The main trend by the spammers around here seems to be trying to look like a local. They are putting out white coroplast signs with handwritten advertisements on them. The flashier signs get sharked or picked up by Code Enforcement too quickly for them, I guess.
Some common pitches are "Rent to Own", "Lease Purchase", "House for Sale 3/2", etc. All say things like "Bad Credit OK" or "No Qualifying", "24 hr msg", etc.
They put two, four or more signs in major intersections.
Taking these signs down just seems to cause them to be replaced with more. Sharking (cutting) the last half of the phone numbers off seems to cause them to stay away a little longer.
I am wondering who is out there removing these in my area. I see some signs that vanish before I get back to them. I don't know if these signs are being removed by CAUSS members or Code Enforcement. It would be nice to know who is helping me here. If you are reading this, please post something here to let me know.
#6. "RE: Handwritten White Coroplast Street Spam Signs" In response to Reply # 1
A couple of weeks ago, I picked up some signs that, at a glance, appeared to be handwritten -- but a closer inspection revealed, as you suggested, that they were actually printed. However, this morning I picked up half a dozen signs from the exact same locations that actually were written with a magic marker. (Either that or its the cleverest print job I've ever seen.) I like to think that they're tired of losing their printed signs, and that I've convinced them that their signs don't have a very long shelf-life, so they might as well make them as inexpensively as possible. (Maybe in a few more weeks I'll be able to convince them that it's not worth their time to make them at all.)
#2. "RE: Handwritten White Coroplast Street Spam Signs" In response to Reply # 0
This treand is also showing up in the DFW area also. I picked up some sixteen last week that I first thought were handprinted. Next day after a closer look, it was evident they were not in fact hand printed.
#3. "RE: Handwritten White Coroplast Street Spam Signs" In response to Reply # 2
Quoted from an illegal sign spammer's website:
> Begin Quote > Here's what often works. Put your signs out Friday evenings after 5PM. Then pick them up Sunday evenings. The bandit sign patrol seldom works on weekends. ... < End Quote <
Comment from NoSpam: NEWS FLASH - CAUSS does work weekends! It must be funny to see spammers when they go out to pick up their signs and find out that part of the phone number is missing from the illegal signs!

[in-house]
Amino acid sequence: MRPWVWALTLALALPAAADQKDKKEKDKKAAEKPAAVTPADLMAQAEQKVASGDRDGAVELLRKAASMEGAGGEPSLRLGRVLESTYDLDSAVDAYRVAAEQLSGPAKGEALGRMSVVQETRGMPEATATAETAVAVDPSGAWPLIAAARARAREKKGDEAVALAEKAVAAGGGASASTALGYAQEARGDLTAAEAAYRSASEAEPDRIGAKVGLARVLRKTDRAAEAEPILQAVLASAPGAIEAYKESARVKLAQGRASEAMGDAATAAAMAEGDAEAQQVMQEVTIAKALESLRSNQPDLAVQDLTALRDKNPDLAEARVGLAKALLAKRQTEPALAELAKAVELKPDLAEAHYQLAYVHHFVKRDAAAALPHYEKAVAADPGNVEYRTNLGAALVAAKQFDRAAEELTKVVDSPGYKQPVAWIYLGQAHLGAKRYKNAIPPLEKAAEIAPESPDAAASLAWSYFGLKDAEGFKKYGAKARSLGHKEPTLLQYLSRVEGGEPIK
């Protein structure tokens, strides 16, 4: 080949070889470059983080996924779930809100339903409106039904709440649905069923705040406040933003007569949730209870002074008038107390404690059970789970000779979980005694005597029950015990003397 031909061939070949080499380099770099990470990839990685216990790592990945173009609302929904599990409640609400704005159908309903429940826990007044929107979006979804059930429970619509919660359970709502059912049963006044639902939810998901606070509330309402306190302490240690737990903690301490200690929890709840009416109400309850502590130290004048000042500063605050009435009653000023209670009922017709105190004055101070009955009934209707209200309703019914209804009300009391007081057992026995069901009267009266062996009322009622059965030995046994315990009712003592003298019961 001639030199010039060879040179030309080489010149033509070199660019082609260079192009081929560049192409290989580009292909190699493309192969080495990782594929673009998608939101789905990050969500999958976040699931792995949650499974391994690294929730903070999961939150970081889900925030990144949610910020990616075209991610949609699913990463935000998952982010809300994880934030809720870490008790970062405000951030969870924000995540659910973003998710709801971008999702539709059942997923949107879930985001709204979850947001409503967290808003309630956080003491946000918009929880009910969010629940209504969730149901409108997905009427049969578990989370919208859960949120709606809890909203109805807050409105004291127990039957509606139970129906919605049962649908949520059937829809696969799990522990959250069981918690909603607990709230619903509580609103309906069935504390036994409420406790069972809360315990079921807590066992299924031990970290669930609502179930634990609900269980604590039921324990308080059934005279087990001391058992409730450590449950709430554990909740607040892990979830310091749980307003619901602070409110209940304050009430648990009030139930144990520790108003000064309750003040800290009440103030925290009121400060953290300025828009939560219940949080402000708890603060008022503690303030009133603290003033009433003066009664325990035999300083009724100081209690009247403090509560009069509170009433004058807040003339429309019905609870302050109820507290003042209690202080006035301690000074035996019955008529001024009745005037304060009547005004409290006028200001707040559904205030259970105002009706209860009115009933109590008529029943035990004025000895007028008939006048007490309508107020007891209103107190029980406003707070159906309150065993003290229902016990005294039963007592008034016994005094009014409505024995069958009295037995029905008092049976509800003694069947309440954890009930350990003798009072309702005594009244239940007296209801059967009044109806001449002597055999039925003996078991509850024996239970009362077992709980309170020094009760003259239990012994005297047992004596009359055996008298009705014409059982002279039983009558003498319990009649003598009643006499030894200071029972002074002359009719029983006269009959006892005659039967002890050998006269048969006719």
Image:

> Begin Quote > Here's something we've noticed in our area. The sign enforcers don't seem to be so quick to remove hand-lettered signs. 2x2 poster board with bold, felt pen lettering looks homemade and gets attention. I believe one investor here in the Phoenix are has not only figured this out, but he has the signs printed to look hand-lettered. He uses a generic message like "For Sale. 3/2 Low Down - No Qualifying"... and then a phone number.
You could do the same with a message like "Family Needs 3/2 Home in This Neighborhood. Must Move This Week! Phone Number". < End Quote <
This kind of information sharing is probably why the spammers are doing the same things in other parts of the country. We also share information. Our difference is, we are helping fight illegal signs. The spammers are sharing ways to break the law.
#4. "RE: Handwritten White Coroplast Street Spam Signs" In response to Reply # 0
Suggest you also post your message in the General Forum--because this does seem to be a nationwide trend.
I posted about this about a month ago, where in California the same technique is being used (bright yellow coroplast screwed onto wooden stakes that are then tie-wrapped to all manner of fences, poles, etc.)
As you said, these spammers are persistent. I keep taking them down (leaving a few sharked ones up to send a message) and they are up again about a week later. Trust me, they will fold before I do.
These are most definitely hand-written and not printed (I compared).
Idea: Keep calling the 800 number on the signs to make a statement about how you are removing their spam. As others have said, it costs the spammers $.50 a call--so it won't take long to run up some nice charges for them, maybe motivating them to stop.
Also, I imagine this is some kind of scam--anyone know the angle?
"It's 10 p.m. Do you know what Dumpster your street spam is sleeping in?"
#5. "RE: Handwritten White Coroplast Street Spam Signs" In response to Reply # 4
>As you said, these spammers are persistent. I keep taking them down (leaving a few sharked ones up to send a message) and they are up again about a week later. Trust me, they will fold before I do.
There's the spirit! Unwavering removal does indeed drive them off the streets eventually. > >These are most definitely hand-written and not printed (I >compared).
Come to think of it, they could write out about 100 signs in an hour easily, so handwriting does seem a not-too-difficult option for them.
>Idea: Keep calling the 800 number on the signs to make a >statement about how you are removing their spam. As others >have said, it costs the spammers $.50 a call--so it won't >take long to run up some nice charges for them, maybe >motivating them to stop.
Alway use a pay phone. If they have an answering machine, just call every time you are near a pay phone--dial the number and leave the handset off the hook and go about your business.
>Also, I imagine this is some kind of scam--anyone know the angle?
It's many kinds of scams and associated sleaziness, along with outright illegality (people acting as real-estate brokers without a license). There are explanations and links throughout the CAUSS forums.